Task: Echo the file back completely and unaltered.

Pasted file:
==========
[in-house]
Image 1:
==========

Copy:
[in-house]
Image 1: